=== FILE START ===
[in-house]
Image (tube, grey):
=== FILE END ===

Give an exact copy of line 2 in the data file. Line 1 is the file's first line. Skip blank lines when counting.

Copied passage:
Image (tube, grey):